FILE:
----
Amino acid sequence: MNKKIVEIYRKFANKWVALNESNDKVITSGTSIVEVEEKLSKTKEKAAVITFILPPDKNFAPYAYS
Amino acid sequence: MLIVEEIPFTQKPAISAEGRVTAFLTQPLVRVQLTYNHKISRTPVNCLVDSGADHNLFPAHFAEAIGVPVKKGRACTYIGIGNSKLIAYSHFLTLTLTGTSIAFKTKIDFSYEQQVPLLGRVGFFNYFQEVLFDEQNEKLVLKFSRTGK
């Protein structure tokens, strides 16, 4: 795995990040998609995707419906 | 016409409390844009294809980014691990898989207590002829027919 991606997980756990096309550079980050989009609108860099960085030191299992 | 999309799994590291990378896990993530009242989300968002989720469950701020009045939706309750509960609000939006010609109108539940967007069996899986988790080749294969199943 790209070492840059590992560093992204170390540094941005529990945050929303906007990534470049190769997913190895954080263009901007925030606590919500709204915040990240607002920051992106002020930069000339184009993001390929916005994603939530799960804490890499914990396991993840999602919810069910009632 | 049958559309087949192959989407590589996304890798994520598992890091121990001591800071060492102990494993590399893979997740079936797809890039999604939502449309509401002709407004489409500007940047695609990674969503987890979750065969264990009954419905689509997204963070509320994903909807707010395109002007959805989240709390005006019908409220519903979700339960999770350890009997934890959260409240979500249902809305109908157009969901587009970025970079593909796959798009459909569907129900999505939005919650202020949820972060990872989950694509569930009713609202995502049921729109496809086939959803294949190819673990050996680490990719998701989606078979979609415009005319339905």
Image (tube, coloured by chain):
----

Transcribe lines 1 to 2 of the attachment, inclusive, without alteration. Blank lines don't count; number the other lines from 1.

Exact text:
Amino acid sequence: MNKKIVEIYRKFANKWVALNESNDKVITSGTSIVEVEEKLSKTKEKAAVITFILPPDKNFAPYAYS
Amino acid sequence: MLIVEEIPFTQKPAISAEGRVTAFLTQPLVRVQLTYNHKISRTPVNCLVDSGADHNLFPAHFAEAIGVPVKKGRACTYIGIGNSKLIAYSHFLTLTLTGTSIAFKTKIDFSYEQQVPLLGRVGFFNYFQEVLFDEQNEKLVLKFSRTGK